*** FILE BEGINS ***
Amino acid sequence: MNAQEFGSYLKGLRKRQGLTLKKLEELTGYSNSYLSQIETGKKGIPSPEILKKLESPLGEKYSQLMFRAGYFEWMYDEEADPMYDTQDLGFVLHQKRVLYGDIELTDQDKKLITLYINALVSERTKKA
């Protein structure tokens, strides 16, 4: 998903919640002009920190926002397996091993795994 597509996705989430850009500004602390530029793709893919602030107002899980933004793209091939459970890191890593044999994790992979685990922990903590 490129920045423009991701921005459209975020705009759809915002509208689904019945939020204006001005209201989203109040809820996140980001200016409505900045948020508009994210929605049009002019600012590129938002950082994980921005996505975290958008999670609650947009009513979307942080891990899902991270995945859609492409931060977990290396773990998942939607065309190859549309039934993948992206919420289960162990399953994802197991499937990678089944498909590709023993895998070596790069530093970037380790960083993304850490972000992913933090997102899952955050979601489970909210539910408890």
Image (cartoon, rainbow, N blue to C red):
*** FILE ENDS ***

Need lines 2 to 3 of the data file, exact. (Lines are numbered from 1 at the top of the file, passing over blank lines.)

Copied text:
């Protein structure tokens, strides 16, 4: 998903919640002009920190926002397996091993795994 597509996705989430850009500004602390530029793709893919602030107002899980933004793209091939459970890191890593044999994790992979685990922990903590 490129920045423009991701921005459209975020705009759809915002509208689904019945939020204006001005209201989203109040809820996140980001200016409505900045948020508009994210929605049009002019600012590129938002950082994980921005996505975290958008999670609650947009009513979307942080891990899902991270995945859609492409931060977990290396773990998942939607065309190859549309039934993948992206919420289960162990399953994802197991499937990678089944498909590709023993895998070596790069530093970037380790960083993304850490972000992913933090997102899952955050979601489970909210539910408890």
Image (cartoon, rainbow, N blue to C red):